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Gamma-Spec this, bitch...


Gamma-Spec this, bitch...04-05-2022 07:35
HarveyH55Profile picture★★★★★
(4239)
https://hackaday.com/2022/05/03/identify-radioactive-samples-with-this-diy-gamma-ray-spectrometer/

I just read the article, but didn't click onto the actual project. I know I don't have the parts, and some would be tough to source right now (thanks Joe), not mention a little pricey if you can find what you want, Seems interesting, on the cheap though.

IDENTIFY RADIOACTIVE SAMPLES WITH THIS DIY GAMMA-RAY SPECTROMETER
6 Comments by: Robin Kearey
May 3, 2022
A square PCB with a Raspberry Pi Pico mounted in the middle
If you're a radiation enthusiast, chances are you've got a Geiger counter lying around somewhere. While Geiger counters are useful to detect the amount of radiation present, and with a few tricks can also distinguish between the three types of radiation (alpha, beta and gamma), they are of limited use in identifying radioactive materials. For that you need a different instrument called a gamma-ray spectrometer.

Spectrometers are usually expensive and complex instruments aimed at radiation professionals. But it doesn't have to be that way: physics enthusiast [NuclearPhoenix] has designed a hand-held gamma spectrometer that's easy to assemble and should fit in a hobbyist budget. It outputs spectral plots that you can compare with reference data to identify specific elements.

A PCB with a sensor wrapped in black tape
The scintillator and sensor are wrapped in black tape to block out ambient light.
The heart of the device is a scintillation crystal such as thallium-doped sodium iodide which converts incoming gamma rays into visible light. The resulting flashes are detected by a silicon photomultiplier whose output is amplified and processed before being digitized by a Raspberry Pi Pico's ADC. The Pico calculates the pulses' spectrum and generates a plot that can be stored on its on-board flash or downloaded to a computer.

[NuclearPhoenix] wrote a convenient program to help analyze the output data and made all design files open-source. The hardest part to find will be the scintillation crystal, but they do pop up on auction sites like eBay now and then. We've featured an Arduino-based gamma spectrometer before; if you've always wanted to roll your own scintillators, you can do that too.

A program that analyzes and plots gamma ray spectra
04-05-2022 10:06
IBdaMannProfile picture★★★★★
(11757)
HarveyH55 wrote:
https://hackaday.com/2022/05/03/identify-radioactive-samples-with-this-diy-gamma-ray-spectrometer/

I just read the article, but didn't click onto the actual project. I know I don't have the parts, and some would be tough to source right now (thanks Joe), not mention a little pricey if you can find what you want, Seems interesting, on the cheap though.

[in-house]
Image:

IDENTIFY RADIOACTIVE SAMPLES WITH THIS DIY GAMMA-RAY SPECTROMETER
6 Comments by: Robin Kearey
May 3, 2022
A square PCB with a Raspberry Pi Pico mounted in the middle
If you're a radiation enthusiast, chances are you've got a Geiger counter lying around somewhere. While Geiger counters are useful to detect the amount of radiation present, and with a few tricks can also distinguish between the three types of radiation (alpha, beta and gamma), they are of limited use in identifying radioactive materials. For that you need a different instrument called a gamma-ray spectrometer.

Spectrometers are usually expensive and complex instruments aimed at radiation professionals. But it doesn't have to be that way: physics enthusiast [NuclearPhoenix] has designed a hand-held gamma spectrometer that's easy to assemble and should fit in a hobbyist budget. It outputs spectral plots that you can compare with reference data to identify specific elements.

A PCB with a sensor wrapped in black tape
The scintillator and sensor are wrapped in black tape to block out ambient light.
The heart of the device is a scintillation crystal such as thallium-doped sodium iodide which converts incoming gamma rays into visible light. The resulting flashes are detected by a silicon photomultiplier whose output is amplified and processed before being digitized by a Raspberry Pi Pico's ADC. The Pico calculates the pulses' spectrum and generates a plot that can be stored on its on-board flash or downloaded to a computer.

[NuclearPhoenix] wrote a convenient program to help analyze the output data and made all design files open-source. The hardest part to find will be the scintillation crystal, but they do pop up on auction sites like eBay now and then. We've featured an Arduino-based gamma spectrometer before; if you've always wanted to roll your own scintillators, you can do that too.

A program that analyzes and plots gamma ray spectra

Attached image:

04-05-2022 10:09
IBdaMannProfile picture★★★★★
(11757)
HarveyH55 wrote:Gamma-Spec this, bitch...

Attached image:

RE: See? You just needed a little more motivation.04-05-2022 12:45
sealover
★★★☆☆
(803)
See? You just needed a little more motivation.

THIS one is nice.

You clearly put in more time and effort for this one, and that is appreciated.

This tribute is accepted with our full approval.

------------------------------------------------------------------------------

IBdaMann wrote:
HarveyH55 wrote:Gamma-Spec this, bitch...
04-05-2022 18:09
IBdaMannProfile picture★★★★★
(11757)
squeal over wrote:See? You just needed a little more motivation.

Don't sell yourself short. You are plenty motivating.

squeal over wrote:THIS one is nice.

I'm glad you like it.

squeal over wrote:You clearly put in more time and effort for this one, and that is appreciated.

I didn't really put in much time ... but I did make sure you got your fern.

squeal over wrote:This tribute is accepted with our full approval.

That's what I like to hear.




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